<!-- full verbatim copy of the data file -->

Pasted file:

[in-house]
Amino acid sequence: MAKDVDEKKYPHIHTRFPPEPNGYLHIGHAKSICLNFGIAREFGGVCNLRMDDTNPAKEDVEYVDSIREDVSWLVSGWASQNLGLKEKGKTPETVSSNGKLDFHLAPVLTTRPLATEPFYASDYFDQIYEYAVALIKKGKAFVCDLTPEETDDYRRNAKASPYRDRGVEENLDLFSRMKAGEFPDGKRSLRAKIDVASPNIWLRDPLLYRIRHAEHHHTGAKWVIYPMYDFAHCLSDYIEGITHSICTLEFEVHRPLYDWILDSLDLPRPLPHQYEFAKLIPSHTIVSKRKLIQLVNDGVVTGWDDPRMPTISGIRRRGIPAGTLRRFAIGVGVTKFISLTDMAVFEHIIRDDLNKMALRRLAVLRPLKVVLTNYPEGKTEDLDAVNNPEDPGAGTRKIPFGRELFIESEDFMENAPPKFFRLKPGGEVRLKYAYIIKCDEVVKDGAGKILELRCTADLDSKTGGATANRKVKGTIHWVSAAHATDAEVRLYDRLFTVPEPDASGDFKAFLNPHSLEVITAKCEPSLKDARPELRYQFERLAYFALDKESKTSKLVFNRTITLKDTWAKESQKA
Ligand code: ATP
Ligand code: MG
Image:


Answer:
[in-house]
Amino acid sequence: MAKDVDEKKYPHIHTRFPPEPNGYLHIGHAKSICLNFGIAREFGGVCNLRMDDTNPAKEDVEYVDSIREDVSWLVSGWASQNLGLKEKGKTPETVSSNGKLDFHLAPVLTTRPLATEPFYASDYFDQIYEYAVALIKKGKAFVCDLTPEETDDYRRNAKASPYRDRGVEENLDLFSRMKAGEFPDGKRSLRAKIDVASPNIWLRDPLLYRIRHAEHHHTGAKWVIYPMYDFAHCLSDYIEGITHSICTLEFEVHRPLYDWILDSLDLPRPLPHQYEFAKLIPSHTIVSKRKLIQLVNDGVVTGWDDPRMPTISGIRRRGIPAGTLRRFAIGVGVTKFISLTDMAVFEHIIRDDLNKMALRRLAVLRPLKVVLTNYPEGKTEDLDAVNNPEDPGAGTRKIPFGRELFIESEDFMENAPPKFFRLKPGGEVRLKYAYIIKCDEVVKDGAGKILELRCTADLDSKTGGATANRKVKGTIHWVSAAHATDAEVRLYDRLFTVPEPDASGDFKAFLNPHSLEVITAKCEPSLKDARPELRYQFERLAYFALDKESKTSKLVFNRTITLKDTWAKESQKA
Ligand code: ATP
Ligand code: MG
Image: